Could You or Someone You Know
Have an Eating Disorder?
In a culture where thinness is too often equated with physical attractiveness, success, and happiness, eating disorder treatment centernearly everyone has dealt with issues regarding the effect their weight and body shape can have on their self-image. However, eating disorders are not about dieting or vanity; they're complex psychological disorders in which an individual's eating patterns are developed--and then habitually maintained--in an attempt to cope with other problems in their life. More about eating disorders »
Teen Eating Disorders Require Medical Attention
For reasons that are unclear, some people--mainly young women--develop potentially life-threatening eating disorders called bulimia nervosa and anorexia nervosa. People with bulimia, known as bulimics, indulge in bingeing (episodes of eating large amounts of food) and purging (getting rid of the food by vomiting or using laxatives). People with anorexia, whom doctors sometimes call anorectics, severely limit their food intake. About half of them also have bulimia symptoms.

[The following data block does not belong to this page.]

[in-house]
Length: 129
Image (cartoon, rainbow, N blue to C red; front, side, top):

The National Center for Health Statistics estimates that about 9,000 people admitted to hospitals were diagnosed with bulimia in 1994, the latest year for which statistics are available, and about 8,000 were diagnosed with anorexia. Studies indicate that by their first year of college, 4.5 to 18 percent of women and 0.4 percent of men have a history of bulimia and that as many as 1 in 100 females between the ages of 12 and 18 have anorexia. More about medical attention for teen with eating disorders »
Eating Disorder Treatments
Eating disorders can be treated and a healthy weight restored. The sooner these disorders are diagnosed and treated, the better the outcomes are likely to be. Because of their complexity, eating disorders require a comprehensive treatment plan involving medical care and monitoring, psychosocial interventions, nutritional counseling and, when appropriate, medication management. At the time of diagnosis, the clinician must determine whether the person is in immediate danger and requires hospitalization. More about eating disorder treatments »